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Glen Mills School Abuse Lawsuits Seek Class Action Status for Thousands of Students

  • Written by: Irvin Jackson
  • 4 Comments

According to allegations raised in at least two separate class action lawsuits filed over abuse at the Glen Mills reform school, Pennsylvania state officials and school employees failed to protect vulnerable minors from physical and mental abuse at the now-defunct facility.

Each of the Glen Mills School abuse lawsuits raise similar allegations, describing incidence involving children attending the reform school, which was founded in 1826 and received juveniles from states throughout the United States.

One complaint (PDF) was filed against Glen Mills School by the parents of two boys, indicating that they were routinely and severely abused while attending the reform school.

The second second complaint (PDF) was filed on behalf of several other boys and their guardians, pursuing damages not only against the school, but also the Pennsylvania Department of Human Services and various other entities, indicating that “barbaric abuse continued unchecked” due to a callous disregard for the safety and well-being of youth in their charge.

Both cases were filed in the Eastern District of Pennsylvania, and seek class action status to pursue damages for thousands of other students who allegedly endured abuse at the reform school. Both lawsuits use synonyms or incomplete names to identify the plaintiffs, since many involved are minors or were minors at the time of the abuse.

“Instead of receiving any treatment or services, as required by the Pennsylvania Juvenile Act as a condition of their involuntary commitment at Glen Mills and in violation of their constitutional and legal rights, these youth were subjected to extreme and sustained physical violence and psychological abuse and deprived of an education,” the most recent lawsuit states. “This shocking abuse had an especially dire impact upon Black youth, who were disproportionately sent to Glen Mills, and students with disabilities whose educational rights were ignored.”

In late March, Pennsylvania’s Department of Public Welfare Deputy Secretary Cathy A. Utz announced an Emergency Removal Order for Glen Mills Schools, where at least 64 students remained, which was down from a peak of more than 1,000 students.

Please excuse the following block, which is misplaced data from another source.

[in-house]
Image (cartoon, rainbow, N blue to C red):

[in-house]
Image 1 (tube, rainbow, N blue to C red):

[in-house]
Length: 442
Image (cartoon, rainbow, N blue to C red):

The announcement came following an investigation by the Philadelphia Inquirer into cases of serious violence and abuse at the boys reform school, which were first reported in February.

The Glen Mills School was first founded in 1826, and housed boys from across the nation, many of whom were sent to the reform school through a court order due to behavioral problems. However, the investigation revealed rampant abuse and physical violence, and efforts to threaten children attending the school into silence.

After the first Philadelphia Inquirer article was published, states and cities began withdrawing juvenile delinquents from the Glen Mills reform school, and Executive Director Randy Ireson stepped down, claiming a leave of absence for health reasons.

State officials also investigated and corroborated the newspaper’s findings, and the state revoked all of the school’s licenses on April 8. The school is appealing that decision.

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4 comments

  1. Yvonne Reply

    I am pleased that they are finally dealt with I tried I Reported them to institutional abuse they came did nothing. I went there for about 21 days straight to keep them from beating my grand son, I told him to document everything when I come give me to me. they move him. They stop bothering him. But I was worried about kids that were far away. I wanted so much to help those boys.

  2. Devaine Reply

    I was assaulted while at glen Mills how do I join class action suit

  3. Shaun Reply

    I went here three years.

  4. Muhammad Reply

    I was abuse at glen mills back in 2010 in 2011 they had black my eye more then once in they refused to let me practice my religion they had knock me to the ground in kick me like i was nothing I told my family about it but they lied to them in still punish me for saying something if you can get back at me I be thankful I’m ready to help

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